It is important to note that ADC has chosen to report its full greenhouse gas footprint as carbon dioxide equivalences, this includes carbon dioxide (CO2) and wider greenhouse gas emissions such as methane and nitrous oxide. In doing so, the council aims to reduce emissions associated with its estate, travel, services and consumption. The GHG Protocol outlines 15 categories to report scope 3 emissions4; 9 of these being applicable to the local authority (see Appendix 4).

Following Chapter 5 of the GHG Protocol Corporate Standard, the base year 2015/16 emissions for ADC have been calculated to include emissions from Ashfield Homes5. As the emissions have transferred from Ashfield Homes to Ashfield District Council, without any change in emissions released to the atmosphere, the emissions are also transferred from one organisation’s inventory to the other.

1 Not including ADC investment emissions – see section 2

2 Greenhouse Gas Protocol FAQ - https://ghgprotocol.org/sites/default/files/standards_supporting/FAQ.pdf

3 Carbon management: organisational boundaries - Guidance for public sector organisations - www.zerowastescotland.org.uk/sites/default/files/Organisational%20Boundaries%20-%20carbon%20management%20plans.pdf

4 Greenhouse Gas Protocol Technical gudiance for calculating Scope 3 emissions - http://ghgprotocol.org/sites/default/files/standards/Scope3_Calculation_Guidance_0.pdf

5 Emissions for Ashfield Homes for example includes utility use in communal areas, and purchased goods and services (Scope 3 category 1) for example which might be used for repair, maintenance or retrofit of these homes. However, the tenants’ energy bills (and the reductions from these energy saving measures) are not estimated or included within this report.

Glossary

ADC

Ashfield District Council

AMR

Automated Meter Reading

Baseload

Energy consumption when a building is unoccupied and, for utilities used for heating,

when heating degree days equal 0. This is the load which is always there and never switched off.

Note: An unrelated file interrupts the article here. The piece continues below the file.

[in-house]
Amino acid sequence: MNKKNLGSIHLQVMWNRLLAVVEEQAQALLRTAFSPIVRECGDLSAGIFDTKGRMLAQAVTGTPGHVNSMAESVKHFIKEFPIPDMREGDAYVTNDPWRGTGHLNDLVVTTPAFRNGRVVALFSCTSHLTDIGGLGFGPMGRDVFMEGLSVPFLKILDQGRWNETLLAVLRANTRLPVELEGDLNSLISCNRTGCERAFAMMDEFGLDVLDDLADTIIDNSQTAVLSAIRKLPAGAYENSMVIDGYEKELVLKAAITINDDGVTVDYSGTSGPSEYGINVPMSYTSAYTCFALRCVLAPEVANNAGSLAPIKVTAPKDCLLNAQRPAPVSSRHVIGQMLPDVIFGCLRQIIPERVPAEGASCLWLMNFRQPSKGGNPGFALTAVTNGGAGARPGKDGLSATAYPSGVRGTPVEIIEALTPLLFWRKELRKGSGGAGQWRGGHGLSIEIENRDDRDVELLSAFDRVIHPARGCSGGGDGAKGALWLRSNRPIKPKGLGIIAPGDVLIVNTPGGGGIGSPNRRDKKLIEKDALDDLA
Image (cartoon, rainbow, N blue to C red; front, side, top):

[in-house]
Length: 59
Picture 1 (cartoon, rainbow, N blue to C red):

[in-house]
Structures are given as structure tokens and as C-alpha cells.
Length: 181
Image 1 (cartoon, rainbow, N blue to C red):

BAU

Business as usual

CHP

Combined heat and power

CMP

Carbon Management Plan

CO2

Carbon dioxide

CO2e

Carbon dioxide equivalent emissions

GHG

Greenhouse gas

Gross

emissions

Overall greenhouse gas emissions. These can be reduced through taking measures to

reduce, for example, electricity or gas consumption.

HDD

Heating Degree Day. A measure of how far below and for how many days the outside air is below 15.5oC. For example, if the outside air temperature is 14.5oC for 2 days, this would be 1 degree * 2 days = 2 Heating Degree Days. These are added up to give a total for a certain period (e.g. month, year). Used to help quantify likely demand for energy

needed to heat a building.

KPI

Key Performance Indicator

NI185

National Indicator 185 (CO2 reduction from local authority operations) included Scope 1 and 2 emissions. The set of national indicators included 198 indicators, of which Local Strategic Partnerships (usually led by local authorities) were required to set targets

against 35. The national indicators were introduced in 2008 and abolished in 2010.

Net emissions

Reported in addition to the gross emissions. Net emissions reflect reductions which are

not reflected in the total emissions, for example, exporting renewable energy generation.

Organisational

Boundary

The border of a company’s own operations and influence.

PV

Photovoltaics

ULEV

Ultra Low Emissions Vehicles

Report Details

Report written by Nottingham City Council Energy Services

02/07/2021

Address/client: Ashfield District Council, Urban Rd, Kirkby in Ashfield, Nottingham NG17 8DA

Report authors

Rachel Unwin, Performance and Monitoring Officer Michael Suddens, Carbon Neutral Policy Officer

Quality Assurance

Katie Greenhalgh, Energy Projects Manager